The Oscar noms are out, and in honor of the occasion, we've compiled our list of best films to inspire travel from the past 40 years. So along with catching the real contenders this year, make time to see the flicks that changed the way we see the world. And the winners are...
Billy Wilder’s Manhattan is one in which libidinous passion and corporate greed plays out against a bleak backdrop of featureless skyscrapers, identical wood-paneled offices and dark, empty streets. A cynical look at corporate America’s post-war beginnings, The Apartment tells the story of C.C. Baxter (Jack Lemmon), a junior executive at a big Midtown insurance agency, who ingratiates himself to his company managers by permitting them to carry out their extramarital affairs at his apartment. A noir that is by equal turns racy and nightmarish, this is New York at its sexiest, most brooding self.
For a film with such a profound sense of place, the presiding mood of Sofia Coppola’s breakout Lost in Translation is that of being lost. Shot in the soaring Park Hyatt Hotel high above Tokyo’s go-go streets, the movie puts in soft focus the city’s flashing lights and garish video billboards. It’s up nearly 50 story’s above ground that the unlikely, melancholy-tinged friendship between an aging American movie star (Bill Murray) and a young, neglected wife (Scarlett Johansson) finds its footing.
Never before has the experience of being a passenger-seat driver been more thrilling than it is in Alfred's Hitchcock's Vertigo. The 1958 film stars James Stewart as John "Scottie" Ferguson, a retired police detective is hired to follow a powerful businessman's wife (Kim Novak) around the vertiginous streets of San Francisco and down along the California coast. Featuring such instantly recognizable locales as the Golden Gate Bridge and the Sequoia Redwood Forest, the obsessive love story famously culminates high atop the red-tiled roof of Mission San Juan Bautista.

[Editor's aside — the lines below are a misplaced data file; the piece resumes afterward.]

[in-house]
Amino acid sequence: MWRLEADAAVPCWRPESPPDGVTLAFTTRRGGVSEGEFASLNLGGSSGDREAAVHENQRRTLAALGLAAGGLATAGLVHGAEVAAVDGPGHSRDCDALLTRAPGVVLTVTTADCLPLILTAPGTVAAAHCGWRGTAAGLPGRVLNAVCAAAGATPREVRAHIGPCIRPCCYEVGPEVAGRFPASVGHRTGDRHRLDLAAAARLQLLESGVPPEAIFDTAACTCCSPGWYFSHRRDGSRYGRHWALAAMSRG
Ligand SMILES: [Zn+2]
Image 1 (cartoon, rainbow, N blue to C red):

Perhaps the only thing more iconic than its lines ("... Here's looking at you, kid"; "Round up the usual suspects") is Casablanca's "French" Morocco: its stucco walls, Hispano-Moorish bell towers, bustling souks and palm-lined boulevards. And while the film was shot almost exclusively on Hollywood backlots, few movies hold as much dreamy fascination as this romantic wartime drama. Since sweeping the 16th Academy Awards in 1944, where it won 3 awards (including Best Picture and Best Director), the movie continues to capture the imagination of today's moviegoing audience despite its distinctive period setting.
In Midnight in Paris, Woody Allen journeys into the past in order to capture the La Ville-Lumiere in all its twinkling, postcard-perfect splendor. Reuniting the city with its most beloved Jazz-age and Belle Époque idols, Midnight in Paris follows Hollywood screenwriter Gil Pender (Owen Wilson) as he travels back in time to party with the likes of Salvador Dalí, Zelda and Scott Fitzgerald and Henri de Toulouse-Lautrec. With scenes shot at Monet's Garden, the banks of the Seine and beyond to Chateau de Versailles, the film is the next best thing to actually being there.
A rich, deeply textured film about the ties of family and tradition, Tilda Swinton captivates as the Russian-born wife of an Italian aristocratic in filmmaker Luca Guadagnino's melodrama, I Am Love. Set in Milan, San Remo and the bucolic village of Castel Vittorio, the film's resplendent cinematography, exultant score and commanding performances have helped it to achieve international critical acclaim.